Danzig: No. They didn’t follow the color guides we provided. I felt that we weren’t given the best work they were capable of, yet they charged us as if they did the job we asked them to do. Verotika is a bimonthly erotic horror anthology, and it bears a distinct difference to a lot of other anthologies in that only horror writers will be working on it: like Nancy Collins and Grant Morrison. Satanika is a bimonthly comic about a half-human, half-demon woman on a mission of vengeance against her demon father, with plans to make an original animation video of this character. Death Dealer was a character that Frank Frazetta created in a painting back in the ’70s sometime, as well as a series of paperback novels. Danzig will personally be writing new stories and adventures for him (Death Dealer). It will be gritty and very violent. 

VB: Your dedication to this art form is refreshing. I take it that you want to expand the comics’ reading audience by doing it yourself since the other publishers aren’t doing it.

Danzig: I keep wondering if the comics industry will move forward and stop killing itself. The audience is begging for expansion in certain areas, but the big companies are so happy with the status quo that their influence is stifling the rest of the Industry. 

VB: So, are some publishers limiting comics in their versatility and therefore ability to entertain a larger segment of the population? 

Danzig: ‘Merica is a repressive society bordering on fascism. When are we going to stand up for our rights and stop this covert censorship? Just like every other entertainment medium, comics are not limited to one specific age group. Why can Penthouse Magazine get through customs but not Penthouse Comix? 

It seems as if publisher Glenn Danzig has a true love of-the comic book art form from the way he has gathered the best artists, writers, colorists and plinkers in the industry, and he doesn’t seem concerned with the cost of publishing the books with the best quality available. Nor does Danzig seem concerned if they do not sell well immediately.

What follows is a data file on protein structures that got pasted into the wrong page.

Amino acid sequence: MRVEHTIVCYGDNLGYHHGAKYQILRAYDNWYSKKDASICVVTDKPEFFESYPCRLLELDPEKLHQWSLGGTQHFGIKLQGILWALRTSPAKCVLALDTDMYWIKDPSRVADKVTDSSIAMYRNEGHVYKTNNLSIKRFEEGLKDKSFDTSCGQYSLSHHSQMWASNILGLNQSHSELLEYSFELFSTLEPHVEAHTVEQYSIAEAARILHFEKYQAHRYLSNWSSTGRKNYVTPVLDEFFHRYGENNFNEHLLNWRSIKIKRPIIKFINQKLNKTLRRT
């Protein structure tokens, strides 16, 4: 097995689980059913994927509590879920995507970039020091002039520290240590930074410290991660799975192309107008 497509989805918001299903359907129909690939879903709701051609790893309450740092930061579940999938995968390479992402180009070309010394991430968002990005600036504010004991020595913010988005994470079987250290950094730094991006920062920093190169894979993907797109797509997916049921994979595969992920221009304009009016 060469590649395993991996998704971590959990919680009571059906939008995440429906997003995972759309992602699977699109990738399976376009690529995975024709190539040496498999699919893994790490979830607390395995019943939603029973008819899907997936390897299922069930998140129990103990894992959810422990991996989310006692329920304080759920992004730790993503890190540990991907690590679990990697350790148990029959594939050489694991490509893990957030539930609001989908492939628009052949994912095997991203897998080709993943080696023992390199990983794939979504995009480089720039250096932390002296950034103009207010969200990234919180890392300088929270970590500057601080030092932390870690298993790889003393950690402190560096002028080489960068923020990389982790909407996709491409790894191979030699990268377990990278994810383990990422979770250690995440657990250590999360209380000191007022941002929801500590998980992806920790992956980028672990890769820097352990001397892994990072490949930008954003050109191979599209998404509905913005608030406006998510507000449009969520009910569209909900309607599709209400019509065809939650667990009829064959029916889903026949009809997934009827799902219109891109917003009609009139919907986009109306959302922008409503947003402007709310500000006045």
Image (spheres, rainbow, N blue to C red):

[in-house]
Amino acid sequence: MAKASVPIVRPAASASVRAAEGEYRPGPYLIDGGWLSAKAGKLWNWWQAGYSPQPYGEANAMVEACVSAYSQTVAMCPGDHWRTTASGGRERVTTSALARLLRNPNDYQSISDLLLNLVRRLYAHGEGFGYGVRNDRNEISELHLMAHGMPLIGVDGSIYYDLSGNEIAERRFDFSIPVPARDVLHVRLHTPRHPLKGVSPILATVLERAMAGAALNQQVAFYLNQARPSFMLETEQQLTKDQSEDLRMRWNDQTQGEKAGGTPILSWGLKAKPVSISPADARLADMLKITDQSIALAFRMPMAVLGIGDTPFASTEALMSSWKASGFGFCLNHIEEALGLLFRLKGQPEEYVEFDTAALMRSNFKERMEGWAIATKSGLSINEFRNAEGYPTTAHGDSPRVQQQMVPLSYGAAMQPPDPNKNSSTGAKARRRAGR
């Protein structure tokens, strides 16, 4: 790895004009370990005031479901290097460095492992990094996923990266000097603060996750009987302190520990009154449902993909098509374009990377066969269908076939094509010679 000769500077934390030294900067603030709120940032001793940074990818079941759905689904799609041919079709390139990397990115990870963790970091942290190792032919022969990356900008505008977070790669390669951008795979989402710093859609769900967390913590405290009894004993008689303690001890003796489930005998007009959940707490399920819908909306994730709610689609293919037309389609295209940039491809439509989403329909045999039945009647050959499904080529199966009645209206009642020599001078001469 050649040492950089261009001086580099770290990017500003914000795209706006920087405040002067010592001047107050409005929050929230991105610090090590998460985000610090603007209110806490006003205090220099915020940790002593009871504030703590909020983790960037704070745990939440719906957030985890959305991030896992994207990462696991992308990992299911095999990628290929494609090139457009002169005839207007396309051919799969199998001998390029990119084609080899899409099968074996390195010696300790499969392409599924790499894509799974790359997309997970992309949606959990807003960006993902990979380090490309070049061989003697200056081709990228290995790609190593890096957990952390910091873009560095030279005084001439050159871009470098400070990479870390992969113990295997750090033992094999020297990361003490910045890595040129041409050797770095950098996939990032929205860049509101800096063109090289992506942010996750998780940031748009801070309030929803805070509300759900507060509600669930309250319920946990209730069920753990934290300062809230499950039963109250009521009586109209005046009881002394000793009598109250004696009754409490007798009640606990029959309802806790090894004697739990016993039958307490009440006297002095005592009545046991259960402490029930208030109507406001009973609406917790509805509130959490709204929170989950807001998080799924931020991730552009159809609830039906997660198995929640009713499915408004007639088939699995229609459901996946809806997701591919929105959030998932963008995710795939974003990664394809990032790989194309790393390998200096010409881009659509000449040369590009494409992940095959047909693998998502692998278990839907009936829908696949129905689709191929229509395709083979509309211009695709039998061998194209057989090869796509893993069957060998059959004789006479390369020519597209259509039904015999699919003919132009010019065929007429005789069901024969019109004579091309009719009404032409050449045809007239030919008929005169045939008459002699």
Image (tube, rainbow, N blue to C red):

VB: Will Verotika‘s books be available at your concerts? 

Danzig: I try not to cross the two, I don’t want to exploit that. There might be a booth set up at our shows when we go out to play. If it turns people on to comics, then that’s even better. These people may be looking for a new form of entertainment. If it’s because I’m in music and they pick it up and like it, we get a new customer and they get a new form of entertainment. Again, it goes back to making comics important again. 

VB: What about literary value?

Danzig: One of the stories we contracted for Verotika #5 looks like it’s going to be awarded the Bram Stoker Award for a short story. This is the kind of stuff I like to hear. In a way, I’m creating books that I want to read for myself. If others enjoy it too, all the better. Besides, when you get your hands on these books, you’ll have a true work of collectible art. There is a readership out there for these books. It may take time to let them all know what we have available for them, but I’m willing to promote them and give them a chance to grow that readership. 

VB: What about the people that find out about your books after they sell out? 

Danzig: I will not reprint these books. I may do collections of them, but I’m not going back to the press on single issues. You can’t ignore the business side of it, but it doesn’t mean you can’t put out a good book. 

Conspirators, Hart Fisher and Steve Wardlaw are running the day-to-day of Verotik Publishing. Both of these gentlemen have worked in the industry before they worked for Verotik Publishing. Fisher has been called “the most dangerous man in comics.” He is the publisher of Boneyard Press which has released favorites such as Jeffrey Dahmer: An Unauthorized Biography of a Serial Killer, Bill the Bull, Rush Limbaugh Must Die, and Doin’ Time with OJ. He has proven to be a courageous cut-through-the-bull-shit kind of guy, so should fit in well with Danzig’s team. 

Wardlaw, the Director of Marketing and Promotions, has worked for six years in the industry. DC Comics and Tundra Publishing (which has been known to publish controversial material), are two of the companies Wardlaw has worked for, as well as running his own consulting company Wardlaw Studios, which has assisted numerous companies with all aspects of comics publishing. 

VB: One final question. Do you think we’re experiencing a return to the comic book witch-hunts of the 1950’s, the kind that led to the demise of EC Comics (publisher of Tales From the Crypt)? 

Danzig: It started there with the comics industry’s self-imposed censorship, and it was out of control then, but it has continued with cover advisories and printers refusing to print certain material. This is all just holding back the possible explosion of comics in America.

Read more from the SLUG Archives:
Melvins Interview: April 1995
Band Interview: The Cult